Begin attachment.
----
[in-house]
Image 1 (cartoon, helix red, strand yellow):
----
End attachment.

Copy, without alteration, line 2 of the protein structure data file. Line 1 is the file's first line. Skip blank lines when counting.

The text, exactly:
Image 1 (cartoon, helix red, strand yellow):